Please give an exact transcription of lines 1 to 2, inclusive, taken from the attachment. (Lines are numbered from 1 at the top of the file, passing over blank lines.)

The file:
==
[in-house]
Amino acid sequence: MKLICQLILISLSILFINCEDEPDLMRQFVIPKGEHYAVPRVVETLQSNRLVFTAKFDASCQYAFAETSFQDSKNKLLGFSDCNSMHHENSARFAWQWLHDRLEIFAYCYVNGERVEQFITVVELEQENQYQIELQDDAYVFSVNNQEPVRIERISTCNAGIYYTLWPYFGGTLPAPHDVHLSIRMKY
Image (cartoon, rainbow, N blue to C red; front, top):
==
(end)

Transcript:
[in-house]
Amino acid sequence: MKLICQLILISLSILFINCEDEPDLMRQFVIPKGEHYAVPRVVETLQSNRLVFTAKFDASCQYAFAETSFQDSKNKLLGFSDCNSMHHENSARFAWQWLHDRLEIFAYCYVNGERVEQFITVVELEQENQYQIELQDDAYVFSVNNQEPVRIERISTCNAGIYYTLWPYFGGTLPAPHDVHLSIRMKY